a woodworking machine for the fabrication of panels of various sizes by gluing together planed or sometimes unplaned wooden beams, edgings, or scraps of boards. A distinction is made between static and continuous panel-gluing machines.
A static panel-gluing machine has supports on which clamping mechanisms are mounted. The clamping mechanisms, which may be screw, pneumatic, or hydraulic devices, tightly squeeze the parts being glued together against one another and prevent them from swelling. Static panel-gluing machines have steam or electric heaters to accelerate the hardening of the glue.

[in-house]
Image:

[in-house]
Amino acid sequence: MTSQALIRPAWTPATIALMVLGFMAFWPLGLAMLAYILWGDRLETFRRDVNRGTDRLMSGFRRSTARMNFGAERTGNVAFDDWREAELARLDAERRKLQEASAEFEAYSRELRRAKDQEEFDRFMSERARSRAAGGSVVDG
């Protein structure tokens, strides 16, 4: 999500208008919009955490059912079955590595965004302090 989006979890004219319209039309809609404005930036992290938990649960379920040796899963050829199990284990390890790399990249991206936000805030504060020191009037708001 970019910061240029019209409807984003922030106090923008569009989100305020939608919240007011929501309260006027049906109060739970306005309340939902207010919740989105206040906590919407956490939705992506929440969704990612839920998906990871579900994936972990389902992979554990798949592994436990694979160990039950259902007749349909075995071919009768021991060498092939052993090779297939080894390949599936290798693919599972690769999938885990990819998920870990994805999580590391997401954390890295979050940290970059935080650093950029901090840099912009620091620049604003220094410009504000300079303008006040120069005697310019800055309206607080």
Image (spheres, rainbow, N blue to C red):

In continuous panel-gluing machines, panels are continuously glued together. Workpieces smeared with glue are squeezed tightly against one another, pass through a heating area, and are heated to harden the glue. After the workpieces emerge from the heating area, they are cut into the required sections.
Old manually operated fan-type and conveyor-type assemblers (vaimy) may also be classified as panel-gluing machines. In such machines, clamped panels complete one turn on a horizontal shaft or a conveyor chain; the glue hardens as the panels turn. The panels are then removed, and new workpieces are placed in the empty units.